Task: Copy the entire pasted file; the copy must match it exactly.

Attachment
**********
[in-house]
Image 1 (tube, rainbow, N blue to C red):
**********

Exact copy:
[in-house]
Image 1 (tube, rainbow, N blue to C red):